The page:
My server had no trouble handling a recent burst of traffic from Digg and Reddit to my home recording blog. The site is busy, so I’ve long ago tweaked it to handle the load.

But between responding to comments, ignoring the hate mail (!), and reassuring my ISP that the traffic was temporary, I realized there’s also a level of psychological preparation required to manage the Digg effect. Since I haven’t seen this addressed among the myriad tutorials on technical preparation, I thought I’d share my experience in the form of 5 tips to prepare yourself mentally for a social network traffic flood.

1. Remember Why They’ve Come

Folks who visit your site from a social network do so because a headline caught their attention. They’ve come to either:

  1. read the article, return to their community, and comment on it, or
  2. kill some time.

So don’t feel bad if you get 10,000 visitors, and only 2 new comments. Digg visitors get in, and get out. Unless the article in question is actually about you, they won’t even know you exist! Remember that, and you shouldn’t be surprised when they don’t behave like your regular visitors.

2. Don’t Expect Them to Stay

Social network traffic might lead to more RSS subscribers, but don’t count on it.

My site’s bounce rate hovers around 55%, but for social network traffic it’s a much higher 85-90%. Your blog is probably similar. And this makes sense: People find sites organically when searching for topical information that the whole site provides. But Diggers and Stumblers visit to read a specific article, and they leave when they’re done reading.

So if your subscriber count doesn’t leap up after a traffic flood, don’t sweat it. There are other benefits, such as the boost in incoming links you’ll see as other bloggers find your site.

3. Remember Why You Wanted the Traffic

Everyone likes to have their efforts acknowledged, so it’s easy to feel put-off when your server’s cowering under a stampede of traffic and no one’s saying thanks. But if you took any steps at all to attract these surfers, you did so for a reason. Maybe you wrote about one of your passions, or a pet cause. Maybe you’re announcing an event. Or perhaps you simply wanted exposure for your site.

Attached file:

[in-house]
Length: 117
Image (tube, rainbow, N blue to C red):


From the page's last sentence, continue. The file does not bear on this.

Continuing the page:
Whatever the reason, keep it in mind, and remember that the traffic surge was your goal all along.

4. Don’t Take It Personally

If Digg users can get upset about cute pictures of animals, it’s practically guaranteed that your site will offend someone. You might even receive hate mail or comments.

But don’t take it personally. Anonymity emboldens even the meek – though most trollers wouldn’t dare spout off to your face. And more importantly, as I mentioned above, the visitors you receive in a traffic flood don’t think about you personally. You may incite their rage with something you wrote, but since they don’t know who you are, they’ll hardly hold it against you.

Besides, in my experience, hate mail senders number only 1 or 2 every 10,000 visitors, which really says more about the goodness in people.

5. Be Ready for the Come-down

It’s thrilling to watch your hits climb past 10,000 or 15,000. Especially the first few times you experience it, the rush is almost euphoric.

I suspect this is driven by our basic human need for social approval. But whatever the cause, one thing is certain: Eventually, the traffic will let up.
And when it does, and you watch your blog slide back to obscurity, you’re bound to feel a little deflated. This is completely normal.

It’s also normal to crave more traffic! So channel that energy. Collect yourself, and think about what you’ve learned and what you might do differently. Ask yourself: Did the traffic flood take you by surprise, or did you work hard to drum up attention? Did you worry too much about your server’s ability to handle the traffic? Did the hate mail get your blood boiling, or did you manage to shrug it off? Did you enjoy the attention?

Use the answers to better your blog, and your mind. Then, of course, get blogging again, and brace your psyche for the next mad rush!